|QM Edward Bloomfield|
In the film Zulu Dawn we see the actor Peter Vaughan being 'dispatched' as he was dishing out ammunition to the troops at Isandlwana in the guise of QM Edward Bloomfield of the 2/24th. A couple of years ago I was at a disused cemetery in Essex where the wife of Edward BLOOMFIELD and his daughter are buried: the cemetery in question is Lorne Road Cemetery, Brentford, in Essex. I was shown this grave by a descendant of a Rorke's Drift defender whose ancestor was Pte William Henry CAMP of 'B' Coy 2/24th. Upon looking at the headstone I saw that it indicated it was Louisa Maud Bloomfield, Edward's youngest daughter, which by that very definition hinted at other children; I decided to investigate.
A search of the census returns showed me that Edward had married twice and had one daughter with his first wife and two with his second. But I am a little ahead of myself at this point. Edward Bloomfield was born on 7 November 1835 in London. Records show that as a youngster before he was even a teenager he joined the then Scots Fusilier Guards, now known as the Scots Guards. He joined this regiment on 1 Feb 1847 aged 12 years and 3 months. Edward's parents did not get married until 1838 and Edward's father, also called Edward, was a Drum Major in the same regiment. It has been thought that QM Bloomfield, as he became, was of Scottish origin due to the fact he joined a Scottish regiment and had a brother called Alexander Kerr Bloomfield who later became a policeman - more about him later. Both Edward and his father were in fact Londoners, as was Edward's grandfather.
Edward served with the Scots Fusilier Guards until 31 March 1859 when he transferred to the 2/24th regiment of Foot. Was it because his father was a Drum Major he decided to change regiments? We will never know. Edward stayed with the 24th until his death. of course, on 22 January 1879. In 1860 the 24th were posted to Mauritius, in 1862 a daughter was born called Ellen and it's my belief that Edward married in Chatham prior to being sent out overseas.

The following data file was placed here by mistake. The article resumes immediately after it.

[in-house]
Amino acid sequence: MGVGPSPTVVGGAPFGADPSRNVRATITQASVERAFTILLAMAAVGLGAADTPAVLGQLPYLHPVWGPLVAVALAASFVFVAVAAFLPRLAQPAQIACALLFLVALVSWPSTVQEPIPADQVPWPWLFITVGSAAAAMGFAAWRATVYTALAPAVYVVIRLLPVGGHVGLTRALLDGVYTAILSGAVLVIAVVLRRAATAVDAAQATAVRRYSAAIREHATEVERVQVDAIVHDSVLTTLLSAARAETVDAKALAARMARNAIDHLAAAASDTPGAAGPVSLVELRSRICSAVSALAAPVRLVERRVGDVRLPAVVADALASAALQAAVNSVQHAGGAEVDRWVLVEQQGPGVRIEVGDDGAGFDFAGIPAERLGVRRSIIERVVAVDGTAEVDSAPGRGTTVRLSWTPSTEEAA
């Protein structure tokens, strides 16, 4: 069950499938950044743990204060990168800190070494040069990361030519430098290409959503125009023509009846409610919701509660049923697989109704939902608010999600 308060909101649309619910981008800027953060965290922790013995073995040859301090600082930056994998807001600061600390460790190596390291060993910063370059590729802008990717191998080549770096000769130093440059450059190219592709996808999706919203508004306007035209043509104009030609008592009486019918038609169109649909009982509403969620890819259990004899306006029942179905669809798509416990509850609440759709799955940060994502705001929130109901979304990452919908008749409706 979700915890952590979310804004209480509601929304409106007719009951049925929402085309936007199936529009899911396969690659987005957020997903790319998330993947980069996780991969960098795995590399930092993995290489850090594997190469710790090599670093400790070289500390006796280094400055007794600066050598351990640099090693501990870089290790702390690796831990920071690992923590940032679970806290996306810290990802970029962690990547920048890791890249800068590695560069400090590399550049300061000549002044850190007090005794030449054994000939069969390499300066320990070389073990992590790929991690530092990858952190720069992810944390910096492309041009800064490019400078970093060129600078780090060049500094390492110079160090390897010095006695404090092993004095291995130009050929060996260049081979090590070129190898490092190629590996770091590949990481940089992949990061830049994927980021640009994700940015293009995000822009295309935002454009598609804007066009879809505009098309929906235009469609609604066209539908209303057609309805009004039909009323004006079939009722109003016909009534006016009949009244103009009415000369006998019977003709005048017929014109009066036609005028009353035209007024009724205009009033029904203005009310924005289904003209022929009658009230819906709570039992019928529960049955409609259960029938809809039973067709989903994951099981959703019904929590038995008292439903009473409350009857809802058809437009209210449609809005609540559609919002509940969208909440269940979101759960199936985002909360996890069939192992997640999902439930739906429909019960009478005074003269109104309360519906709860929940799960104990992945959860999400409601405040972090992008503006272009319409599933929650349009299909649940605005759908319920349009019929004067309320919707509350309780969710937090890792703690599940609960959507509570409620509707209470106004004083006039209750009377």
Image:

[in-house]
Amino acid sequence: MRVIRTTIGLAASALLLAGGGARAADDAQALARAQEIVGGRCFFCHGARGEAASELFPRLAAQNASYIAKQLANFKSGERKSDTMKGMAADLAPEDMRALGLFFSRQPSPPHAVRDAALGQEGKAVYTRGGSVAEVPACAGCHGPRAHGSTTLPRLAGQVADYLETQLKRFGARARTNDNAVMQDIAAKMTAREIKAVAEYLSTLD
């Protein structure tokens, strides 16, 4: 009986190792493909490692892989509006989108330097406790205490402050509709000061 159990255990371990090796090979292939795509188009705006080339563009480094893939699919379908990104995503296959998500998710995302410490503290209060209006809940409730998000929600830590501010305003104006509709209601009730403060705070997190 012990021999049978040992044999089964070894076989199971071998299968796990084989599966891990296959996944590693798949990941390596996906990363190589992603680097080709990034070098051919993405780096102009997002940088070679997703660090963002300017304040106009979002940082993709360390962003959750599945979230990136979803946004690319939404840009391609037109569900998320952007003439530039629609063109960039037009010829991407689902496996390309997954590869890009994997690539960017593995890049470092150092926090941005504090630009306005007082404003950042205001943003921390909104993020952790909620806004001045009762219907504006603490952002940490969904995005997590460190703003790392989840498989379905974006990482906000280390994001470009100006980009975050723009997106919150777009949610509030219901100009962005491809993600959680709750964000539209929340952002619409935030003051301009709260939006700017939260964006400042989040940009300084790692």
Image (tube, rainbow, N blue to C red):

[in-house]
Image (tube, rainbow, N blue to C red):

By 1873, however, Edward was married a second time to a Matilda Relf and had two daughters by her. I have yet to ascertain the name of this first wife and if Edward was a divorcee or a widower. Census returns and other research have cemented these facts. Ellen Bloomfield is shown as living with her Uncle and Aunt in Essex; by this time she had two half-sisters but it appears she either did not get on with them or possibly there was no room for her with her step mother and half-sisters.
Ellen as stated was living with her Uncle who was a Sgt in the police at this time; he rose to the rank of Inspector and eventually died in 1902. Edward Bloomfield senior died in 1878; as he was born in the Windsor area this leads me to believe he decided a life in the army was better than that of a labourer, as was his father before him. Army life suited both Edward Bloomfield and his father: the elder rose to the rank of Drum Major while his son to the rank of Quarter Master in the 24th.
By all accounts Edward Bloomfield was a popular man with both officers and rankers within the 24th. Regular promotions followed from 1859 till Jan 1879 when he reached the rank of QM in 1873, the same year as his second marriage took place. Ellen, his first daughter from his earlier marriage, stayed with her Uncle till she eventually married in 1894. Tragedy had stalked the Bloomfield family, however. Back in 1878 Edward had lost his father; in 1879 QM Bloomfield met his end at faraway Isandlwana. In 1892 the now widow Matilda had died along with her youngest daughter aged 15.
Further research will be needed to locate the offspring of Ellen Bloomfield but the line of Adaline Bloomfield his second daughter has been taken as far as QM Bloomfield's great great grandchildren. This only goes to show that you can never close the book on any person and I'm glad to be able to put the record straight on a man not often written about.
by Graham Mason, AZW Researcher